Still not sure what to do? Feel free to give us a call to discuss your options. Our residential window experts will work closely with you to find the right solution for your unique home, style, and budget. After all, windows should provide light and a view of the world—not become a source of headaches.

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Avoiding the home buyer’s blues

Posted On: Filed Under: Siding, Home energy audit, Plumbing


The major problems tended to be in the exterior (roof, siding, paint, windows), and plumbing. Many experienced mold or insect issues, heating and cooling systems that didn’t perform, and appliances that would not run. They discovered rooms with no heat, wiring problems, basements that flooded with the first rain and bad smells. There were also complaints about poor new home construction including squeaky floors and low quality materials.

In this day and age, the majority of home buyers are obtaining home inspections prior to purchase and making the sale contingent upon the outcome. So how could these home problems have been missed?

What’s in a home purchase inspection?

Whether a professional performs it, or you do it yourself with a checklist, a home inspection typically includes:

  • Check appliances, heating and cooling system, plumbing fixtures and electrical outlets to see if they work.
  • Visual inspection of the home exterior, structure, pipes and electrical, noting the condition and type of materials and obvious signs of damage or water intrusion.

The inspector runs all the faucets and flushes the toilets. He or she tests the plugs in the bathroom to see if they are GFI plugs. They go up on the roof and down in the crawlspace. They determine if the dishwasher functions, but not how well it cleans. An inspector will identify damage and note it in a report.

This is a visual inspection so it does not usually include testing of equipment beyond establishing that it turns on. It does not include insect, mold or radon inspection, air quality measurement, alarm systems, fireplace masonry, energy cost evaluation, code compliance or identification of sewer or plumbing issues beyond visible leaks or clogged drains.

Home Inspector

Home inspector qualifications and background matter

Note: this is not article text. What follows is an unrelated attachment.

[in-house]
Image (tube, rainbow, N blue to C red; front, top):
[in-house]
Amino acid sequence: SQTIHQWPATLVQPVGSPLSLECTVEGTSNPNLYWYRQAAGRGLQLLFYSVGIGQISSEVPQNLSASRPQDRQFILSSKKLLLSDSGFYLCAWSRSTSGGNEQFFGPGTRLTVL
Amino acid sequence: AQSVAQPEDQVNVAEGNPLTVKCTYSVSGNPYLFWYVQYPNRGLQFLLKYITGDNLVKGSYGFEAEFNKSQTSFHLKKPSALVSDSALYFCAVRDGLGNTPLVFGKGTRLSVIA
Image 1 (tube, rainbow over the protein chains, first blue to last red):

Many people say that if you use an inspector suggested by the realtor, they will be in cahoots to promote the sale. That conflict of interest is hard to determine, but checking the background and experience of an inspector is easy, and a good idea. In Washington State, inspectors are licensed, and unless they were in business before 2009, they have to pass a licensing exam with both a written and field test. Washington is one of only a few states to require this higher level of licensing.

Other helpful inspections

If you are buying an older home and want to increase your knowledge before you buy, you might want to add some of the following additional inspections to your buying process. These are each less than $300 and could save you much more in surprise repairs.

A plumbing inspection done by a licensed plumber can augment your home inspector’s report, especially if you request toilet leak testing and a camera inspection of your sewer line. Toilets are often a source of water loss and expensive water bills for the home, and an easy test can pinpoint if they need repair. The sewer line is the most expensive part of the plumbing to fix. It may clog and backup into your house, or unseen from above, be crushed by tree roots in the yard. A camera inspection allows you and the plumber to see just what is going on, and gives you an opportunity to ask the seller to take action.

Heating and cooling systems, water heaters and gas fireplaces can be inspected by a licensed HVAC professional in a diagnostic service. If the owner has had a recent maintenance service, you can request a record of that service and see if any issues were found.

Another type of inspection to enhance your knowledge as a home buyer would be a home energy audit. A home energy audit is a comprehensive series of tests which look at the house as a whole system including heating, cooling, ventilation, indoor air quality, insulation, gas combustion safety, damage from water intrusion, and energy use. While the audit is most often used by people preparing to make energy efficient upgrades, it could be a great benefit, especially to home owners buying an older home.

Washington Energy provides plumbing inspections, HVAC diagnostic services and home energy audits with their licensed and highly skilled technicians. Contact us for more information or to find out more about the NW Energy survey.

* 2015 NW Energy Survey, conducted among 1065 Western Washington adult homeowners.

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Why utility companies provide rebates

Posted On: Filed Under: Windows, Heating, Insulation

Why are there utility rebates?

Seattle City Light recently had a mail in offer for a free LED light bulb. It arrived in an attractive recyclable package with information about why this one bulb makes a difference. As they put it “conserving electricity is the most cost-effective way to meet our future energy needs”. In fact, utilities routinely offer their customers substantial rebates to encourage installation of a variety of energy saving equipment and measures for just that reason.

Why incent conservation?